Sterling has previously said that the power vacuum is putting his 23,000 staff in an “unacceptable” position and, speaking to the BBC, said: “My concern would be that, in the ongoing absence of ministers, people will get used to this and think it is OK when it isn’t. There’s a risk that this could become the new normal, and that would not be good.”

Sterling said there had not yet been a "cliff edge moment", where the workings of government departments had collapsed.

However, he said there had been a deterioration in areas including health, education and criminal justice.

“Our health service is facing many of the challenges that health services across the western world are facing, we have an ageing population, we have an increasing demand for service that has seen an increase in waiting lists here. Ministers wouldn’t necessarily have made an immediate impact on that, but nonetheless, major transformation of our health service is needed and transformation is needed in many of our services.”

In particular he warned that some of Northern Ireland’s social housing stock may have to be left vacant if ministers do not return, a situation that is due to a maintenance backlog.

“In housing we have had a backlog of maintenance and this is not just about finding new money, this is about reconfiguring the way we deliver social housing. There are big issues which need to be addressed by ministers, and in the absence of that there is a real risk that we might actually have to mothball some of our social housing,” he said.

Sterling highlighted that even after the Westminster parliament passed legislation late last year – the Executive Formation and Exercise of Functions Act – to clarify the powers of devolved departments without ministers, civil servants remained in a difficult position.

“Essentially what that does is remove the requirement that civil servants receive direction from ministers, in the absence of the executive,” he said.

“But is quite clear there are still many areas where the civil service should not be taking decisions – for example we should not be setting new policy or strategy. However there is a need from time to time for civil servants to confront new issues, and what we are required to do is to consider if it is in the public interest that we respond or intervene – for example if there is a risk to public health or public safety, or if there’s going to be some financial loss.

“These are the type of factors that we would need to take into account, but obviously these are judgements, and this can be quite difficult for us to have to deal with.”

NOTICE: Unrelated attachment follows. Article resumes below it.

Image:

You can listen to the documentary in full here.

Tags Leadership & Management Legal & Constitutional Parliament Policymaking Categories Government and politics About the author

Richard Johnstone is CSW's deputy and online editor and tweets as @CSW_DepEd

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Campaigners hit out at delays to government transparency plan

4 days 7 hours ago
News

Shadow Cabinet Office minister joins transparency call, saying openness must be at heart of government in times of great upheaval

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David Cameron speaks at the Open Government Partnership conference in 2013 Credit: PA

The government has been criticised for delays in publishing a flagship transparency document and warned that the hold up could hinder the UK’s progress on open government.

The Department for Digital, Culture, Media and Sport was due to publish the latest Open Government Action Plan, which details key objectives to boost transparency, last December following a consultation, but is now almost six weeks behind schedule.

The document needs to be produced every two years as part of the UK’s commitments in the global Open Government Partnership, where countries commit to improving government transparency and accountability.

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The UK was a founder member of partnership, which now includes 79 countries, when then prime minster David Cameron helped launch the scheme as part of a global transparency drive in 2011.

Previous editions led to a groundbreaking register of company ownership being set up, as well as strides forward in open-access government data such as the publication of aid funding.

However, transparency groups that make up the Open Government Network – which includes the Electoral Reform Society, the Institute for Government and Transparency International – fear work on fourth edition document may have been held up by the Brexit process.

The group has written to digital minister Margot James urging her to not to use the UK’s impending departure from the EU as an “excuse for inaction”.